Replies:
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    144
  19. Nicole Seaman

    P1.T2.512. Autoregressive moving average (ARMA) processes (Diebold)

    Learning outcomes: Define and describe the properties of the autoregressive moving average (ARMA) process. Describe the application of AR and ARMA processes. Questions: 512.1. Each of the following is a motivating for an autoregressive moving average (ARMA) process EXCEPT which is not? a. AR processes observed subject to measurement error also turn out to be ARMA processes b. When we need...
    Learning outcomes: Define and describe the properties of the autoregressive moving average (ARMA) process. Describe the application of AR and ARMA processes. Questions: 512.1. Each of the following is a motivating for an autoregressive moving average (ARMA) process EXCEPT which is not? a. AR processes observed subject to measurement error also turn out to be ARMA processes b. When we need...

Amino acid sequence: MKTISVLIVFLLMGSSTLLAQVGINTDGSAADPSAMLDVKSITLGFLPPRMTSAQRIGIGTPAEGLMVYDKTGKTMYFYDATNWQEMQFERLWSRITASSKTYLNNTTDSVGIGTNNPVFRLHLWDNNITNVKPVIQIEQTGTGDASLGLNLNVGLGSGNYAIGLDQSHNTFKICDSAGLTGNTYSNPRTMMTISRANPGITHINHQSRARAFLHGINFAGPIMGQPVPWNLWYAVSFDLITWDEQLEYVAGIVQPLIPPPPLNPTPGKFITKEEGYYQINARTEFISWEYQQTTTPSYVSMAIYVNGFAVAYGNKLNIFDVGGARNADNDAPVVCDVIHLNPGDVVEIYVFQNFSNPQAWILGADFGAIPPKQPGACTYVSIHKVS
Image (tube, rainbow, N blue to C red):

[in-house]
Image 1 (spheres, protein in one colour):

Learning outcomes: Define and describe the properties of the autoregressive moving average (ARMA) process. Describe the application of AR and ARMA processes. Questions: 512.1. Each of the following is a motivating for an autoregressive moving average (ARMA) process EXCEPT which is not? a. AR...
    Learning outcomes: Define and describe the properties of the autoregressive moving average (ARMA) process. Describe the application of AR and ARMA processes. Questions: 512.1. Each of the...
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  20. David Harper CFA FRM

    P1.T2.511. First-order autoregressive, AR(1), process (Diebold)

    [USER=38486]@ Yes, if you look at the GARP curriculum for this year, you will see that these learning objectives are still under Topic 2, Reading 16, Diebold, Chapter 8. Thank you, Nicole